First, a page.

• Photographic record prior to treatment
  • Discussion of piece
  • Fully document visible findings
  • Carry out the work under magnification
  • Document any findings
  • Photographic record after treatment
  • Update treatment record prior to work on the next object

The Research Agenda

The conservation work will link into the research agenda through discussions between the RAP, the CAP and any independent research project set up (e.g. Charisma Pixe/ Raman analysis project).

Once the research project has been selected the conservation team will help to facilitate the research needs by locating, packing and making objects accessible.

The conservation team will also feed any findings from the treatment into the CAP and RAP via email and at the panel meetings as requested.

Public Access

All public access events will need to be developed within the scope of the National Geographic Agreement and the digital strategy for the Hoard. The project will be made accessible to the public with live conservation events at BMAG and PMAG; if security permits this will take place in the gallery, if the security is not acceptable this will be carried out in the conservation studios with timed visits or via ‘live’ links.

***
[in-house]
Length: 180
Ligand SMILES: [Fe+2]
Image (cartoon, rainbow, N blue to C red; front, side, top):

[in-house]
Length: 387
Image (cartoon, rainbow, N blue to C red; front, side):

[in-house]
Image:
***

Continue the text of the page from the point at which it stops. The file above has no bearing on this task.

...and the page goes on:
As treatment and analysis work proceeds a small display panel could be produced to highlight the latest findings; this could also be done via the website.

Video footage taken (by the conservation team) during the treatments could be played on the galleries and posted on the web site.

A website blog would be considered but the style and terminology and protocol for this would need to be agreed in advance.

Additional open days or visits to the studios could be offered to specialist groups, such as; Icon and IIC Metals Groups, Gemmological association, school groups, visually impaired and other groups with special needs, jewellers, conservation students and so forth.

Short articles or a presentation can be written for the Friends of BMAG and PMAG.

Short talks can be offered to local interest groups and one seminar a year could be organised at BMAG to highlight the work to date, both conservation and historical.

Access for the local press will be facilitated as agreed by the management team.

National Geographic filming will be facilitated as requested.

Risk Register/Control 

 Risk register


The assumption has been made that the project will start in September 2010.

Conservation timetable